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Accounting: Ethics and Responsibilities

1. Explain the duties of board members.

2. Explain the responsibilities of the Federal Sentencing Guidelines.

3. Describe how the ethical issues and potential for conflicts surrounding accounting practices go far beyond merely combining services.

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I also attached one supporting article on the responsibilities of Board members.


1. Explain the duties of board members.

There are ten basic board member responsibilities:

1. Determine the organization's mission and purpose and review these on an annual basis.

It is impossible to ensure the effective operation of an organization whose mission is unclear, since the only way to know whether you are progressing towards your goal is to have a clear idea of what that goal is. Many organizations assume that everyone knows what the mission is, but often, asking each Board member to write it out produces startling results. So, it is important to spend some time reviewing your mission. This is especially important for new Board members who have not had the benefit of years of experience in understanding what the organization is all about.

2. Ensure effective organizational planning.

The major differences in Board governance centre on the extent to which the Board directs its energies to ensuring or the extent to which it concentrates on planning. Most Boards of organizations which have significant numbers of staff, see themselves as policy Boards. That is, the Board sets policy, and the staff carries it out. However, two significantly different ways of carrying out the Board's policy-setting responsibilities can be found in different organizations.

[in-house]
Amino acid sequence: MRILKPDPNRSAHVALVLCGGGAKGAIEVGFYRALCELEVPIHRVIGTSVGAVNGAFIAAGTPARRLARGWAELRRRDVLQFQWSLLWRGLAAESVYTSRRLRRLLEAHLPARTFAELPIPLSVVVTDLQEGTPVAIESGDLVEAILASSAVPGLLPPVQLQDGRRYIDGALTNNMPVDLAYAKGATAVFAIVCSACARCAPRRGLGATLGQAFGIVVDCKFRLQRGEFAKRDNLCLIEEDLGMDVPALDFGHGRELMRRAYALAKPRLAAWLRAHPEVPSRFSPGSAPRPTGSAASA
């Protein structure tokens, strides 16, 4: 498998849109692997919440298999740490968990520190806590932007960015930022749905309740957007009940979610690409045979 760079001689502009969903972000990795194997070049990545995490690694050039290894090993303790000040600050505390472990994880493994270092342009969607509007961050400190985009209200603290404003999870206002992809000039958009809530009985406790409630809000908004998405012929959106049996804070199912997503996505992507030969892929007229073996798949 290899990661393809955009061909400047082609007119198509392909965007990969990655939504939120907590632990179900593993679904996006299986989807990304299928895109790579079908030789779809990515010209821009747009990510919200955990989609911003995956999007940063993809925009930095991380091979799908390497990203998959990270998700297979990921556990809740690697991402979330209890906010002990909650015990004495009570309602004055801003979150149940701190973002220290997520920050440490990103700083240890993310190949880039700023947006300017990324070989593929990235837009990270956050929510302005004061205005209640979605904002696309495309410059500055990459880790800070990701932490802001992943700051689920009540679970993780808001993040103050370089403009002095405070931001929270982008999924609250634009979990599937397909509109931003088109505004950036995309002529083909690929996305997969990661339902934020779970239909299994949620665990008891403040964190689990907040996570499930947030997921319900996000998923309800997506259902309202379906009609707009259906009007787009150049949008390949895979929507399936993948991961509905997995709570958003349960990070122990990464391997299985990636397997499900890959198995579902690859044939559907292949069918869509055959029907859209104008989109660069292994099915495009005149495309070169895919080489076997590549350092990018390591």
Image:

3. Determine and monitor the organization's programs and services.

The Board, often with the assistance of staff, develops and approves personnel policies, operating policies, financial policies, program policies, and a myriad of other policies. These Boards traditionally approve the initiation of new programs or activities, or the cancellation of programs or activities. They approve contracts with insurance carriers, grant applications, and many other policies which are fundamental to the ongoing operation of the organization.

4. Select the Executive Director.

The Board members select the Executive Director.

5. Support the Executive Director and review her/his performance.

First, the appraisal should not be used as a report card on the Executive Director. Second, the appraisal is not an end in itself. Rather, it is a tool to help the Board to identify, with the Executive Director, future goals. Third, an annual performance appraisal should not take the place of ongoing discussions between the Executive Director and key Board members about personal goals.

6. Ensure adequate resources.

The ...

Solution Summary

This solution describes the duties of board members, the responsibilities of the Federal Sentencing Guidelines and how the ethical issues and potential for conflicts surrounding accounting practices go far beyond merely combining services. Supplemented with one article on the role of board members.